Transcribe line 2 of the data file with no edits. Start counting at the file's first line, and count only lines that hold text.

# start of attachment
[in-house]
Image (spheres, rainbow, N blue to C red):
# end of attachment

Image (spheres, rainbow, N blue to C red):